The definition of proxy on InvestingAnswersShareholders in corporations have the right to vote on matters such as electing directors, selecting an auditor, approving a merger, or selling the company. The SEC requires public companies to file proxy statements prior to the companies' annual shareholder meetings; the objective is to inform shareholders of the meeting, what matters are up for a vote, and instructions for voting. The proxy statement contains background information so that shareholders can make informed voting decisions. Proxy statements often reveal the relationships between board members and management (i.e., family ties, prior professional relationships, etc.)

Shareholders can vote by mailing their ballots; they don't have to attend the company's annual meeting or vote in person. In many cases, shareholders don't actually receive a proxy statement in the mail if they own shares indirectly, as is the case with mutual funds (in that situation, shareholders own shares of the mutual fund rather than shares of the underlying assets).

Investors who hold shares in street name (that is, the shares are registered to the investor's brokerage firm rather than in his or her own name) might also not receive proxies. In these cases, the fund manager or brokerage firm is the actual shareholder in the eyes of the company, and they receive the proxy statement and can vote the shares. These representatives are responsible for voting the shares in the best interest of their investors, and in many cases, a mutual fund is a sizeable shareholder--its vote may have a significant impact on the company.

Why It Matters

One of the most basic rights of shareholders is the right to vote. The proxy and the voting process it is associated with are manifestations of this most fundamental right. Shareholders are the owners of a company, and they can use their votes to influence a company, sometimes against management's wishes. These are called callable preferred stock fights.

One type of information that is often of particular interest is management compensation data. Companies must disclose how much particular executives are making and how those executives are compensated. For example, a proxy may disclose that a CEO is bonused a certain amount when the company achieves a certain percentage of customer growth; this is helpful to shareholders because it might explain why the CEO is focused on advertising campaigns rather than infrastructure or product development.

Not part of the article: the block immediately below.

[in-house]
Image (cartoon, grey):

Source: Investing Answers

proxy

noun

English Language Learners Definition of proxy

: a person who is given the power or authority to do something (such as to vote) for someone else
: power or authority that is given to allow a person to act for someone else

proxy

noun
\ ˈpräk-sē How to pronounce proxy (audio) \
plural proxies

Kids Definition of proxy

1 : authority to act for another or a paper giving such authority
2 : a person with authority to act for another

Keep scrolling for more

proxy

noun
\ ˈpräk-sē How to pronounce proxy (audio) \
plural proxies

Legal Definition of proxy

1 : the act or practice of a person serving as an authorized agent or substitute for another used especially in the phrase by proxy
2a : authority or power to act for another
b : a statement or document giving such authorization specifically : an oral consent or written document (as a power of attorney) given by a stockholder to a specified person or persons to vote corporate stock
3a : a person authorized to act or make decisions for another appointed a health-care proxy
b : something serving to replace or substitute for another thing

History and Etymology for proxy

Middle English procucie, contraction of procuracie, from Anglo-French, from Medieval Latin procuratia, alteration of Latin procuratio appointment of another as one's agent

Keep scrolling for more

More from Merriam-Webster on proxy

Rhyming Dictionary: Words that rhyme with proxy

Thesaurus: All synonyms and antonyms for proxy

Spanish Central: Translation of proxy

Nglish: Translation of proxy for Spanish Speakers

Britannica English: Translation of proxy for Arabic Speakers

Comments on proxy

What made you want to look up proxy? Please tell us where you read or heard it (including the quote, if possible).

WORD OF THE DAY

to form ideas or theories about something

Get Word of the Day daily email!

Test Your Vocabulary

Farm Idioms Quiz

  • cow coming home
  • What does 'poke' refer to in the expression 'pig in a poke'?
Spell It

Can you spell these 10 commonly misspelled words?

TAKE THE QUIZ
SCRABBLE® Sprint

Test Your Knowledge - and learn some interesting things along the way.

TAKE THE QUIZ
Love words? Need even more definitions?

Subscribe to America's largest dictionary and get thousands more definitions and advanced search—ad free!